Ruby Version Manager (RVM)
What is RVM?
RVM is the Ruby Version Manager. It allows you to install and manage several different versions and implementations of Ruby on one computer, including the ability to manage different sets of RubyGems one each.
What's your favorite way to use RVM?
RVM has a lot of uses. Ultimately, it will be useful to all Rubyists, but what is your favorite use of RVM?
Finally, you've installed RVM and gotten a list of Rubies, it's time to install a Ruby version. Once everything is set up, this is really quite easy. The only command you need to know is rvm install.
Listing Known Rubies
In RVM-speak, a "Ruby" is a version of Ruby either installed or it knows has to install. Before you can instally and Rubies, you first have to know which Rubies RVM knows about.
Now that you've installed a Ruby or two, it's time to start using them. First, list which Rubies you have installed using the rvm list command. This will list the Rubies installed, if you have many installed you should run it often to remind yourself of their shortened names.
Step by Step Instructions
Installing the Ruby Version Manager (RVM) on Linux
How to upgrade RVM (Ruby Version Manager)
Using RVM Gemsets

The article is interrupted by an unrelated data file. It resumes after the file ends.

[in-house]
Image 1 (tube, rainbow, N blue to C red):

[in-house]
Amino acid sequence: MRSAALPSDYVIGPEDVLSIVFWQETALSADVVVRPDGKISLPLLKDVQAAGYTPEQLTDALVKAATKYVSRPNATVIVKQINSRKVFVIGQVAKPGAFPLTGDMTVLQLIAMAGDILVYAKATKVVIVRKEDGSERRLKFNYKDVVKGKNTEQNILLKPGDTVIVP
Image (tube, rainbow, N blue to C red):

One of the most powerful, useful and often overlooked features of RVM is the gemset. A gemset is a separate gem directory, so the gems in one gemset don't conflict with the gems in another gemset.
Upgrading to 1.9.2 Using RVM
If you already have a Ruby like 1.9.2-rc2 installed with a number of gems and want to upgrade to 1.9.2-p0, the following steps will get you there. As expected,RVM makes this quite easy.
Upgrading to RVM Head
RVM is a moving target. It's still under regular development and in order to get the most current versions of Ruby, you'll need to upgrade to the head version of RVM. This is the version checked out directly from its GitHub repository.
Installing Ruby on Snow Leopard with RVM
So, you've gotten your shiny new Mac and you want to get right into Ruby programming, where how do you install it? The first thing you should know is that it's already installed. OS X 10.6 "Snow Leopard" comes with both Ruby 1.8.7 and Ruby on Rails 2.3.5 installed. But there are a lot of reasons why you'd want to install your own with RVM,...
RVM and 'sudo'
RVM is great. However, there may be times where you must run Ruby scripts with RVM as root (or another user) via sudo.